The official bird of Newfoundland and Labrador, Atlantic puffins are one of three species of puffin and the only one that lives in the Atlantic Ocean. Globally, Atlantic puffins are considered a vulnerable species. With this symbolic gift of Atlantic puffin habitat, you can help ensure this bird’s survival.
Digital download includes:
- Digital species booklet
- Digital full-colour certificate
- Informational video
Physical package includes:
- 2024 NCC Calendar
- Species booklet
- Full-colour certificate
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Your Gift in Action
Your gift will conserve critical habitats and ensure a future for species at risk. It will also build healthier, more resilient ecosystems that provide essential benefits and services to people and their communities, while countering the effects of climate change and biodiversity loss.
Since 1962, NCC has brought Canadians together to conserve and restore more than 15 million hectares, coast to coast to coast. But we must do more faster and accelerate the pace of conservation. Every gift and donation counts.
The official bird of Newfoundland and Labrador, Atlantic puffins are one of three species of puffin and the only one that lives in the Atlantic Ocean. Measuring about 25 centimetres in length, their body shape and webbed feet have adapted for diving and swimming under water. Atlantic puffins feed on small fish and can dive up to 60 metres when hunting them; they can hold up to 61 fish in their bill at once.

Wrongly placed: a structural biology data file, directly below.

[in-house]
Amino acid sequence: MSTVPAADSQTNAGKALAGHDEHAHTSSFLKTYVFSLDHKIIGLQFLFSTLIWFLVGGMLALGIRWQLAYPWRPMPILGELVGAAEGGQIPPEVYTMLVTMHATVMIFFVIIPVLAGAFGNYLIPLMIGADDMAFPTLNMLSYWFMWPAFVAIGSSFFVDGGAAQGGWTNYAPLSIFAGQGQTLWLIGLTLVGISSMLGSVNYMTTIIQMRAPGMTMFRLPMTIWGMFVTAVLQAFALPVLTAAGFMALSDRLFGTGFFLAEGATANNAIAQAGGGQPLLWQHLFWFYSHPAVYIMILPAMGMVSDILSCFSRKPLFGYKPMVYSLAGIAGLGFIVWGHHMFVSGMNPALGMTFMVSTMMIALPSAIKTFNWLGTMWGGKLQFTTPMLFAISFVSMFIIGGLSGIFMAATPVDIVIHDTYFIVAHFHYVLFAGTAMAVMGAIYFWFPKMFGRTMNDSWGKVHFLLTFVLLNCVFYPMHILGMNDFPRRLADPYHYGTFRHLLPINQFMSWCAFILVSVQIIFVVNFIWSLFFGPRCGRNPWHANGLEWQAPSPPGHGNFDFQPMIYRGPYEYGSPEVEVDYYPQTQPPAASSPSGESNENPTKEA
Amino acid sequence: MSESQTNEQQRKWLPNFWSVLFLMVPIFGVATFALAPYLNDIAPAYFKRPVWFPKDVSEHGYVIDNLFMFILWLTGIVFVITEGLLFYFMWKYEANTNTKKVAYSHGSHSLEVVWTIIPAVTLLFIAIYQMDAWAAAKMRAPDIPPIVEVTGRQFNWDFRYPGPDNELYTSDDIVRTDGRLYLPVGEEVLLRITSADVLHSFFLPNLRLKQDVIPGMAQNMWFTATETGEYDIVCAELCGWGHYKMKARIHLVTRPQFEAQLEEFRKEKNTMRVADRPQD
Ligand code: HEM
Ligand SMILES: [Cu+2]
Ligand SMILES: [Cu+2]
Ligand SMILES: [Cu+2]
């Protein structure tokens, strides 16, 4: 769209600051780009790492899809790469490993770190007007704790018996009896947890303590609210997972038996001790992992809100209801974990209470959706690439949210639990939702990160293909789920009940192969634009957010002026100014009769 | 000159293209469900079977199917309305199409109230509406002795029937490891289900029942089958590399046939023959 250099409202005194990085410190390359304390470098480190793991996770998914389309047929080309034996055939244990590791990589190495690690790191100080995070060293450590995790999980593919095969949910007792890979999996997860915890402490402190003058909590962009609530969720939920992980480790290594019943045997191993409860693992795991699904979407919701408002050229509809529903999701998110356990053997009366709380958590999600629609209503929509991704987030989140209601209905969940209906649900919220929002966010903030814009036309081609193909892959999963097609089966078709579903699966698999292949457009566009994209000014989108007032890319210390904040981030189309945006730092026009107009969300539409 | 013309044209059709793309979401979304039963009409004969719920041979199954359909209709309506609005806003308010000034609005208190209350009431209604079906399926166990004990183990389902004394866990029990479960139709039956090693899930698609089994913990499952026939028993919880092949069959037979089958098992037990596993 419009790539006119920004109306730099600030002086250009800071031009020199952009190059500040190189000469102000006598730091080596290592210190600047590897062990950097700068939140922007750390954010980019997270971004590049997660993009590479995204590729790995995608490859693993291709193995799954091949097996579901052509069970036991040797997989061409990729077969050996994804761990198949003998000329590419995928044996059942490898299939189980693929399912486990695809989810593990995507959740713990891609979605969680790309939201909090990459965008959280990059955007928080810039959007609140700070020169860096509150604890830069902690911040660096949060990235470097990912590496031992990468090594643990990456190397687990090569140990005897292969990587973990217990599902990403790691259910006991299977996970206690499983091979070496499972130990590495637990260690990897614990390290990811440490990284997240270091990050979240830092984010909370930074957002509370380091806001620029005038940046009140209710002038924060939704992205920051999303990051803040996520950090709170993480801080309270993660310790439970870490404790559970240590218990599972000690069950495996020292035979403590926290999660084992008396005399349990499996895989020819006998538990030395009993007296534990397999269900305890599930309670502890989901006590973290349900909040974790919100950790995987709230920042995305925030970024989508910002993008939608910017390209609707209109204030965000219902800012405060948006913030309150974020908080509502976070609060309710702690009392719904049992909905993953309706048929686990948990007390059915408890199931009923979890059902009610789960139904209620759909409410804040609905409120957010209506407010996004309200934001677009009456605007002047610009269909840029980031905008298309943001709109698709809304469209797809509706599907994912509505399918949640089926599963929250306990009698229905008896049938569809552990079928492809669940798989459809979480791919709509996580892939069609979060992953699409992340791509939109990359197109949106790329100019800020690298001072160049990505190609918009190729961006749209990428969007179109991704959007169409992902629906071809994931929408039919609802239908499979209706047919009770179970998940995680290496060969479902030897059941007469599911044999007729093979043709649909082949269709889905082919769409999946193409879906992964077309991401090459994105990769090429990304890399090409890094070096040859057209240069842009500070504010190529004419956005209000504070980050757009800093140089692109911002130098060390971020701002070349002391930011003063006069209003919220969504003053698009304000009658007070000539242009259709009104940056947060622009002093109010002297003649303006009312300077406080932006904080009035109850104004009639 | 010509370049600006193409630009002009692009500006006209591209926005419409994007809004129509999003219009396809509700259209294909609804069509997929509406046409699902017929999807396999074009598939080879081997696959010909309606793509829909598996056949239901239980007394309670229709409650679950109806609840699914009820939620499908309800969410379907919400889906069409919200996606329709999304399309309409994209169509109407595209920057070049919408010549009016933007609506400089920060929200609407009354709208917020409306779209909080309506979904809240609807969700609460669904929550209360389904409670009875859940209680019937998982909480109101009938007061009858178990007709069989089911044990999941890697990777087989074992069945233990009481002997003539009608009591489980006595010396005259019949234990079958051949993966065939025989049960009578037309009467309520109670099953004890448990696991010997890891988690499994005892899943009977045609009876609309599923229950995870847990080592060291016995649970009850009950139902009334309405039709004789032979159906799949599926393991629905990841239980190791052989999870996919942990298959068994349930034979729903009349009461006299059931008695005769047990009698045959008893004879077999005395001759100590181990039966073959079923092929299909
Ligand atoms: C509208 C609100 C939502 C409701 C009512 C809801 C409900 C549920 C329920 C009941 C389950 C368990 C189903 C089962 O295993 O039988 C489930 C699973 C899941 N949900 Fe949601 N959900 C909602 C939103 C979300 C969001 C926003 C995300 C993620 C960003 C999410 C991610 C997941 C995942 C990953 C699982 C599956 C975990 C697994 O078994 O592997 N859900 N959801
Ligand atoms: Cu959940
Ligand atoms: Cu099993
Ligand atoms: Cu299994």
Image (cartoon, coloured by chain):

During breeding season, their plumage is black and white, and their bill is black, yellow and orange. In winter, their plumage turns drab, and their faces get darker, especially around the eyes. In late winter/early spring, Atlantic puffins become temporarily flightless while new tail and wing feathers replace their old feathers.
In Canada, Atlantic puffins breed on the islands and sea cliffs off the coasts of Newfoundland and Labrador. Their populations declined substantially in the early 1900s due to hunting and unregulated egg collecting. Today, they’re protected but they still face threats from changes to their food supply caused by climate change-related ocean warming.
Globally, Atlantic puffins are considered a vulnerable species. With this symbolic gift of Atlantic puffin habitat, you can help ensure the survival of this bird.
Photo 1: Photo by John E. Marriott. Photo 2: Photo by John E. Marriott. Photo 3: Photo by Paul Turbitt. Photo 4: Photo by Bill Caulfeild-Browne